The Branch Line Is Closed

220px 66086 Highworth Branch

There were to be trips each Summer,
expeditions up the line, anniversaries,
but at what cost and to where
and how could the old track take the weight?
No one else had heard of this
and no one came.

At the junction with the main line
week end amateurs from an electric age
practised filing, cutting iron
and nineteenth century cooking.
They polished the engine flanks
but said they had no power
as yet, as yet.
Said they were not playing at this
but perhaps they were, as yet.

Yes, they said evasively, there is a way
to be disclosed but no maps of the line,
the office shut long since and the shares sold off,
a map, maybe, in a museum somewhere,
under glass, a primer to ancient pioneering,
so to say ‘under-invested’.

And the old workers died ‘in harness’, yes,
and lie at the line side in neat, green graves
anonymous in the sunlight reaching down
through the uncut hazel woods to warm them
for an hour as now. Ahead, the valley crowds,
is mountainous, grows dark by early afternoon
bright only where screes in a slash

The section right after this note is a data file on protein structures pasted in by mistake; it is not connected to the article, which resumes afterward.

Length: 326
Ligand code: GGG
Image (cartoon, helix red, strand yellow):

nearly reach down to warm the sleepers.

No one could remember the round trip,
but if old report is trusted, worthwhile,
if you travelled to the end,
or so it is alleged. Who else
might ride in these slow patched carriages?
Only the miscellaneous and the mad
those who looked too long for salvation
in cities, were conned of hope and cash.

Some take the last chance journeys
on hearsay, whispers, a late night story,
or when a friend dies muttering some
incoherent sense. They know
time is too brief to reach the famous terminus
or the desert shrine; with no hope now of hope:
know too that they may come back
famished and still dying to their beginning.

At the line’s end, under a mountain
black and glittering with frost
the engine sighs, calls this a halt
and five minutes are allowed
to visit the tea hut, take film, return.
Or dump memory and hope and
walk towards the foggy slope.

For here, it it is alleged, the terror starts,
you are naked of thought, it is cold
and what passes for help are old and alien things,
a copse like a wood henge, way markings of stones
set at angles in the grass, a smudged hearth
and sounds the ears miss
or never learnt to hear,
and the mist above towards which
what seems to be a path
seems to meander.

A whistling from below.
And now, at last, the necessary silent cloud,
From darkness into darkness.

Roy Ashwell